Worldwide study highlights wide variation in bowel cancer risk for people with Lynch syndrome


New research has emphasised the need for more effective methods to triage bowel cancer screening for people with Lynch Syndrome based on their individual risk.

While we already knew that carrying an inherited mutation in some mismatch repair (MMR) genes puts people with Lynch syndrome at greater risk of bowel cancer, the new research has uncovered large variation in risk between individuals who have mutations in the same gene.

Though the average risk of bowel cancer of people with Lynch syndrome is high, this new research has discovered some are at low risk (the same level of risk as the general population) and therefore wouldn’t need the recommended colonoscopy every year.

Those at the other end of the risk spectrum are almost certain to develop bowel cancer (over 90 per cent) and may even need prophylactic surgery to remove the bowel before cancer develops.

However, it is currently not possible to determine where on the risk spectrum an individual with Lynch syndrome is, so until future research determines how to do this, all carriers will continue to be recommended an annual colonoscopy according to Australian guidelines.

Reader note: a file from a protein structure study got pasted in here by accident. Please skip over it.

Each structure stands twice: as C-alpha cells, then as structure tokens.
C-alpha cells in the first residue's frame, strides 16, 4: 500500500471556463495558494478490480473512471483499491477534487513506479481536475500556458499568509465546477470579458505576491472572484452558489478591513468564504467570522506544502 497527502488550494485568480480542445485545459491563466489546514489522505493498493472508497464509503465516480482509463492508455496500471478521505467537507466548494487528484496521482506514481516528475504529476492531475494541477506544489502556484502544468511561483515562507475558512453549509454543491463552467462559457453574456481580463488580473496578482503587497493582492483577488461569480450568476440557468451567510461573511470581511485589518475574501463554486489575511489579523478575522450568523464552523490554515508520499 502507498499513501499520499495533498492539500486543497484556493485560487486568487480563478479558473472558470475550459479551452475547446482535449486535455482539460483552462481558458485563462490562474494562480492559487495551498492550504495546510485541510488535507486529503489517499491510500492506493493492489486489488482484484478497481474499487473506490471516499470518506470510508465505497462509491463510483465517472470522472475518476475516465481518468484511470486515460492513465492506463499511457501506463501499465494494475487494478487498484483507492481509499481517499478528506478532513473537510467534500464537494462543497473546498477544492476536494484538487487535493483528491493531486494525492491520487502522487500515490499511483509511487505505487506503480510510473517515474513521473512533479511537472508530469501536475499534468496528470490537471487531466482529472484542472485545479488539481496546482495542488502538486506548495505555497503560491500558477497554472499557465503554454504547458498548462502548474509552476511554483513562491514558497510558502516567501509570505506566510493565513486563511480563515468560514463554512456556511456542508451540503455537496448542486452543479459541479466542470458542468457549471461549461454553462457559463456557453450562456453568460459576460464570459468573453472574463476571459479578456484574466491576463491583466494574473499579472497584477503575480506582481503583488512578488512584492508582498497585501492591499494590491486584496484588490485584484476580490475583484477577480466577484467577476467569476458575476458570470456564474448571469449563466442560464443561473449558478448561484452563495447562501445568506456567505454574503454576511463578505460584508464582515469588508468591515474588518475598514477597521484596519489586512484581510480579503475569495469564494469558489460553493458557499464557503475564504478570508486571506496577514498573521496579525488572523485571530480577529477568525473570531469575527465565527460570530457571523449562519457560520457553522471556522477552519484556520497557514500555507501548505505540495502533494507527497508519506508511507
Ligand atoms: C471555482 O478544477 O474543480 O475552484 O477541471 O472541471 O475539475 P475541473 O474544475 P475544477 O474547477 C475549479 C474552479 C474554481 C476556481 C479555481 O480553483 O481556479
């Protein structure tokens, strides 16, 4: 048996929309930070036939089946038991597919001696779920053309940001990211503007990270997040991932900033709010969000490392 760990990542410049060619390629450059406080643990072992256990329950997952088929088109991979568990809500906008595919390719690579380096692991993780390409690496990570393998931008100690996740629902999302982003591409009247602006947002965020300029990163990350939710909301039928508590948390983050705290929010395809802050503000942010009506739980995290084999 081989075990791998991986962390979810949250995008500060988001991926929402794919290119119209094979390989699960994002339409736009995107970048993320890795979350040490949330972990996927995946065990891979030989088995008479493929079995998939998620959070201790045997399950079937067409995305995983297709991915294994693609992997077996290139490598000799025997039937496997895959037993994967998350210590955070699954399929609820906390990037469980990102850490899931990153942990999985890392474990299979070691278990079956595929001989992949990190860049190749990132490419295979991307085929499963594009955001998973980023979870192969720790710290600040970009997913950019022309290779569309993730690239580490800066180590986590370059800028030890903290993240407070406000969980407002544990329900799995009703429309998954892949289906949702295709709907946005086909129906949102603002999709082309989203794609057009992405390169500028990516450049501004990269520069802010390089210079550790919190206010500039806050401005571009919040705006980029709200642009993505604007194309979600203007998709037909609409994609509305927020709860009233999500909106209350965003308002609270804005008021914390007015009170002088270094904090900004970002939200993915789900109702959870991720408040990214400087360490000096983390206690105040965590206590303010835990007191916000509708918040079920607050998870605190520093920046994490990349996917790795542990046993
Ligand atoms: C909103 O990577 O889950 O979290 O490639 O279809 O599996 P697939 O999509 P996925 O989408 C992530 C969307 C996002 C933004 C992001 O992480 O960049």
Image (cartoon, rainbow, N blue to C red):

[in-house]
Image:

Published in Lancet Oncology, Professor Mark Jenkins and Associate Professor Aung Ko Win of the Centre for Epidemiology and Biostatistics led the research with other Centre members including Drs James Dowty and Jeanette Reece, Mr Grant Lee and Professor John Hopper, as part of the International Mismatch Repair Consortium. Approximately 200 investigators from 32 countries contributed data from 6,000 Lynch syndrome families to this research.

"Our research could have significant clinical implications for the 90,000 Australians who have Lynch syndrome, because once we know how to estimate personal risks, they could have tailored screening,” said Professor Mark Jenkins.

"Family data may provide some insight into personal risk, but other genetic factors might also be important. Also, numerous environmental factors such as weight, smoking, and regular aspirin, can help provide personalised bowel cancer risk,"

The large international study also highlighted bowel cancer risk variations between North America, Europe and Australiasia, with potential clinical relevance for individuals within the 15 included countries.

For example, there is some suggestion that bowel cancer risk for people with Lynch syndrome is lower for men aged 50 in Europe, and higher for men aged 50 in Australasia.

Professor Jenkins said that the findings highlight that risk factors for bowel cancer for people with Lynch syndrome could vary across countries.

"We will continue building on this country and continent specific data, looking to include Asia and South America."